Increasing patient safety
Could cameras in operating theatres reduce the risk of preventable accidents and subsequent malpractice claims? Some people are advocating the use of cameras in operating rooms in order to document what happens during surgery. Just as the use of Body Worn Cameras has increased the accountability of police officers and the public, could cameras in theatre increase the accountability of medical staff but also protect them from spurious claims? In the UK, police complaints have fallen by 90% since the introduction of the cameras so could the same happen in hospitals? For more information, visit http://www.pinnacleresponse.com/body-cameras-and-the-law/.
The aim of filming events during surgery is to create an unbiased record of what occurs during surgical procedures so that any adverse events that do take place can be studied and avoided in the future. We only improve by learning where we went wrong. An unbiased record will also lessen the amount of time spent on complaints that have no basis when footage is reviewed. Cameras would be a useful tool because the methods currently used to reconstruct an incident are fairly unreliable. These include the memories of the medical professionals involved and notes that were taken during or after the procedure. These are both subject to interpretation and bias. Recording surgeries offers greater transparency, truth and accuracy in collecting data for the medical record.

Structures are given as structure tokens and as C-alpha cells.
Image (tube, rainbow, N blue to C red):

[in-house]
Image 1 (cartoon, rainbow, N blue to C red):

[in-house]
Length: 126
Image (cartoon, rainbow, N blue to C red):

New technology is already being tested in Canada with a ‘black box’ design which comprises a video camera that can record both audio and visual footage that is synced with patient’s physiological responses. This data will mostly serve to protect doctors against false accusations. However, in the cases where surgical errors to occur, these can lead to catastrophic injuries and even death so there is a growing concern that such errors are not being disclosed and doctors do not take responsibility when something does go wrong. Audiovisual recordings would at least provide medical providers and patients and their families a chance to understand why something went wrong and what can be learned from it.
The idea of a black box in patient care seems to make good sense. In aviation, black boxes are reviewed when major problems occur and they are not used as a punishment, airline staff are free to talk as they wish. But in the end, those black boxes have led to root cause understanding in many catastrophic situations which has led to great leaps forward in passenger safety. It is possible that such a device could lead to greater patient safety too.
One pilot scheme involving the black box covered 54 procedures in which there were 38 adverse events. A shocking 75% of the problems were not noticed by the surgical team, which is why using video, audio and patient data from an operation can only aid surgeons learn from their mistakes and get better. In the United States, some 400,000 people a year are estimated to have died from preventable medical errors which is the third leading cause of death after cancer and heart disease. Could cameras in operating rooms help to lessen this number?